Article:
The results are in from the biggest 4-day work week trial. Although there were many positive outcomes, one of the most interesting finds is that men did a lot more childcare during the trial, CNN reports.

2,900 employees across 61 companies throughout the United Kingdom participated. The trial began in June of last year and lasted for six months. Employees worked 80% of their usual hours while still delivering 100% of their usual output and all without any changes to their salaries. The organizers of the trial, 4 Day Week Global (4DWG), a nonprofit organization, report that this has been the highest number of companies to ever participate in such a study.

The employees kept a journal of their activities during the trial. Those time diaries revealed that male employees spent more time on childcare. Working moms also reported an increase on time spent in childcare but for those female employees their childcare time went up by 13%, whereas for working dads it was a whopping 27%.

Charlotte Lockhart, founder and managing director of 4DWG, spoke to CNN and said, “It is wonderful to see that we can shift the dial and start to create more balance of care duties in households.”

We are all for anything that can tip the scales of balance. Parental work-life balance is an extremely tricky thing to navigate. Working moms have notoriously been bearing the brunt of household responsibilities. Last year, Motherly’s annual State of Motherhood survey revealed 46% of mothers were forced to leave the workforce in 2021 due to childcare issues.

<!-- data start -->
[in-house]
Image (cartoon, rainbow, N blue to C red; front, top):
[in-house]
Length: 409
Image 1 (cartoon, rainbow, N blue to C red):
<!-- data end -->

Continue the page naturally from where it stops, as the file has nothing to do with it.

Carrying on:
mom working on a laptop while her daughter plays behind her

The employees who took part in the trial were also tasked with answering a survey at the end. 60% said they had an easier time managing care responsibilities along with their job responsibilities. 62% reported that managing a social life was easier.

The study was conducted with a few different partners including researchers from Cambridge University, Oxford University and Boston College, as well as, the 4 Day Week UK Campaign and a think tank called, Autonomy.

The organizers called it a “resounding success” and it’s not hard to see why. 71% said they had “lower levels of burnout” and 40% said their sleep improved.

92% of the companies who participated in the trial have said they will continue on with the 4-day work week because of all the positive outcomes.

This is not the only study to have conducted such an experiment. According to CNN, there was a separate study involving 33 companies and 903 employees where they also experimented with a 4-day work week. That trial had even better results since 100% of the participating companies kept on with the 4-day work week after the trial ended. The majority of the employees were based in the US and Ireland.

You can find the results of the full report for the UK trial here.